Saturday, July 8, 2017

The Psychology of Binge Eating

What makes your appetite go out of control? Do you just lack willpower? Or is something causing binge eating?


Back in the 1960's, psychologists who were uncomfortable with the idea that overweight results just from eating too much began looking into other reasons of obesity. In 1961, a researcher named Paul Bruch proposed that obese people were unable to distinguish other bodily urges from hunger. An obese person in love, for example, might reach for the Pepperidge Farm Milano Cookies rather than making a date with his or her love interest.

This idea turned out to be wrong. However, Bruch and other researchers did learn that there were two common styles of eating that Bruch termed “restrained” and “unrestrained. ” Restrained eaters limited their food choices to a narrow list of foods. Unrestrained eaters could “eat anything.”

But Bruch and others found that restrained and unrestrained eating styles were not necessarily related to weight. Both obese and normal-weight people could have either restrained or unrestrained eating patterns. The underlying issue in obesity had to be something else.

Only in 1975 did psychologists Herman and Polivy propose that relative deprivation rather than obesity itself is the underlying cause of eating behaviors. People who eat a lot may get fat or they may not, researchers concluded. But people eat a lot when they feel deprived.

At this point, some researchers began looking for a hormonal or physiological explanation of the feeling of deprivation that leads to overeating. Some scientists developed a theory of biological weight. This was the idea that there is a certain weight we are programmed to reach and out appetites are driven, or dampened, so that we maintain it.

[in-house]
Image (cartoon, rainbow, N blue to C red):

Other scientists developed a set point theory. This was the idea that the body naturally maintains weight at a set point, and that the set point rises when the body is threatened (as is the case with dieting). Other scientists began looking at the roles of hormones like adiponectin and leptin and insulin.

But another group of researchers looked at appetite in terms of psychological theory, reaching the conclusion that if you want to lose weight, the worst possible thing you can do is to diet.

The weight loss psychologists at first believed that simply restricting food intake in order to lose weight was a cue to overeat. Two researchers named Herman and Mack found that periods of restrained eating, that is, going on a low-calorie diet, were always interrupted by episodes of disinhibited eating, eating all you want of whatever food you wish.

These episodes can be described as binge eating or out of control eating. Herman and his collaborators concluded that going on a diet, any diet, was destined to cause ravenous cravings for food afterward. Dieting, Herman believed, would always lead to binge eating that would put back all the pounds and more. Or, as the leading diet (or actually anti-diet) book of the time said, Diets Don't Work.

Proponents of the “exercise only” school of weight loss use these ideas today. However, there turned out to be still more to the reality of intentional dieting and weight control. Diet researchers developed a more nuanced view of dieting in what was known as the “fat awareness” movement. Restrained eating of all foods, or “going on a diet,” was seen as a mindset separate from restrained eating of high-fat, highly palatable foods. 

In the 1980's, researchers began to think it was the kind of food, specifically fatty food, that led to disinhibition of eating. In other words, people can resist food, except for fatty food. The idea arose that overweight people simply liked fatty foods more than normal-weight people.

The dominant explanation of overweight about 1990 was hyperpalatability theory, the idea that overweight and obese people somehow possess keener senses of taste for fat and sugar and the “mouth feel” of high-calorie food. The food industry responded, naturally, by hiring scores of chemists to develop flavor additives and texturizers to give low-calorie foods the same mouth feel as high-calorie foods.